Tractor Trails Review—Keep on Tractorin’
While PlayStation Mobile hasn’t exactly gotten off to a great start in terms of game quality (with a few exceptions), it actually has a lot of quantity. It launched with about 20 games and has added about two games a week since, so it’s easy for some games to get lost in the crowd, particularly during the launch rush. Tractor Trails, a puzzle game from Origin8, is one of those titles that has been overlooked, which is a shame, as it’s a quality title, albeit not one original or exclusive to PS Mobile.
Maybe this sort of puzzle game is common on touch devices, but it’s new to me. You simply have to guide a tractor plowing a field. The catch is that it moves straight until it hits something (either the end of the field or a tree), and trees pop up immediately where the tractor moves. So you need to figure out how to plow the field in a limited number of moves, with no backtracking. Fields start off fairly simple but get more and more complex as you progress through the game. While this really doesn’t bear any relation to actual farming, it’s surprisingly fun. Probably because it bears such little resemblance to actual farming.
After finishing each level, you get rated with a number of stars, one star for running over Moley the mole (apparently he’s a masochist and likes this), one star for plowing the entire field, and one star for completing the level under the time limit. These stars are not just level goals, as they are also how you progress in the game. Ten levels are unlocked at first, and you need to accumulate stars to open up additional levels. There are 130 in all.
This is actually pretty clever. You have enough levels to play that if you can’t figure out a level, you’re not stuck at progressing in the game (unfortunately common in puzzle games). You do have to get 3 stars on most of them, which requires playing until you figure out a level, then playing it again once more just to beat the time requirement. In a way, it’s almost a memory game, since you need to remember all the moves to beat the time requirement.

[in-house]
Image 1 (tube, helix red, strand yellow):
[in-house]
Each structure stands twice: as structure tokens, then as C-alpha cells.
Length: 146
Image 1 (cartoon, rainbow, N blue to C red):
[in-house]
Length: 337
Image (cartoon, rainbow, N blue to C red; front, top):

The way the game unlocks is also very well done. Rather than finish one terrain and move onto the next, it has something of a staggered unlock. You unlock the next terrain, then back to the old one, and so on. Mixes things up very nicely. It has unofficial trophies/achievements, and it keeps track of all sorts of stats.
You also earn money (well, corn) that you can use to buy upgrades or cheats. For instance, letting you queue up a move (rather than waiting for the tractor to stop), going just a little bit faster when you hit a cornstalk, and even simply giving you a clue by telling you the first two moves on a level. Some of these are merely helpful, while others you really seem to need to progress in the game—queuing up moves in particular really cuts down on the level completion time, because the tractor no longer starts and stops as it changes directions, but instead keeps going.
The touch screen is very responsive—I swear, some of these PS Mobile games make me wonder if my Vita is defective, the touch is so bad. But here it works perfectly, very responsive to the touch. The interface is also really well done. You can pause the game and restart without leaving the level. All too often in puzzle games, you have to exit the level screen, go back to the level select menu, and go once more back to the level in order to restart. Even though it’s so obvious a design feature to have in a puzzle game, it’s refreshing when it’s actually in a game.
The presentation in Tractor Trails is very cute, with often amusing dialogue, that forms the tutorial, between you (Red the tractor), Moley (possibly a former Templar), and a chicken (possibly named Chuck) who rides on your back. But the cuteness extends to the animations in the game, which are excellent.
Tractor Trails is one of those rare games that is full of polish, extremely well designed, and original to play, despite its seemingly cliched setting. About the only negative I can mention about it is that it’s not exclusive to PS Mobile but rather a port, and there is some occasionally slow loading. When it loads a level, it goes from 0% to 80% really quick, then takes a while to go from there. But it’s really been my most enjoyable experience with PS Mobile so far.